priest-rabbi-ministerRabbi Resnicoff suggested that all military chaplains wear the same symbol to identify them as they did early on when any soldier or seaman, [no airmen then], would know a chaplain because he wore a shepherd’s crook on his uniform.

Today, said Rabbi Resnicoff, military personnel have no clue who the chaplains are. Christian chaplains wear a cross, Jews a Star of David, Moslems a crescent, but not everyone associates the symbols with being a chaplain. The rabbi pointed out that there are ministers of some little known religions with one chaplain in the armed forces who sport a symbol few could identify.

foxhole1He noted that in our military, a chaplain is called on to facilitate the ministry of other faiths making it important for a soldier to be able to identify him/her. If a chaplain jumps into a foxhole, all the soldiers in it become his flock if they want to be.

So in addition to offering counsel and assistance to any soldier, a rabbi might ensure that a Catholic be let off duty to attend mass; a Catholic chaplain would order matzos for the Jewish soldiers in time to eat during Passover, and so forth.

In fact, an Episcopalian chaplain was largely responsible for this Conservative rabbi’s vocation which along with his military service may explain his ecumenical predisposition. This minister wrote the recommendation that got him into rabbinical school, which he said was unusual.

Given the history of religious wars we’ve suffered for centuries that continue to kill thousands yearly, more men and women of the cloth should follow Rabbi Resnicoff’s lead and recognize that their calling should benefit far more than their constituents. Do you agree? Do you think that there should be a universal symbol to identify chaplains in the US Armed Forces? What do you think of symbols in general?

shepherds-crook

Service of Two + Minds…

Thursday, July 14th, 2011

group-of-people-talking1

It can take a second for a person seeing something for the first time and with fresh eyes to notice/suggest a critical fix to a designer, writer, merchandiser, chef or inventor who has been working on a project for hours if not years.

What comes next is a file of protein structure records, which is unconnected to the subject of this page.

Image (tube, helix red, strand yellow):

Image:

This happened just the other day at Hedström & Judd. Every time I go to Warren Street in Hudson, NY I visit this Swedish-inspired boutique with its memorable decorative pillows, china, glassware, furniture, stationery, soap, plants, cachepots, birdhouses, books-carefully chosen and placed. On my latest visit I saw a handsome black tray with a display of cotton socks in great colors and patterns. Also on the tray with the socks was a Hedström & Judd card marked $275.

decorative-socksKnowing it referred to the tray I nevertheless mumbled to my husband, “Socks at that price? And you thought inflation was bad?” I decided to mention my reaction to the proprietor as in truth, when the great socks caught my eye, I wondered how much they cost and $275 was all I saw. He’s as nice to customers if they buy one note card, an entire tray of socks, 24 bowls with polka dots-or nothing. He thanked me profusely and rushed over and grabbed the tag to modify it.

two-on-computerIn our shared office space, an assistant had tried to fix the template of her boss’s email for two days when she asked others for help. The boss was using an ancient program so it didn’t have the options we had on ours. With tidbits of experience from a few, she finally  replaced the missing element, a signature, that had disappeared mysteriously one day. The irony: One inadvertent tap of a key and a template that takes a minute [or in this case, two days] to set up takes a second to delete.

A craftsperson was defensive and snippy when I suggested she mark her wooden toys “Made in Pennsylvania,” to distinguish them from those made in countries with lax regulations about child-safe paints and finishes.

What personality most welcomes suggested fixes? Can a person learn how not to resent help? Do you wait for ages to ask for help?

man-scratching-hed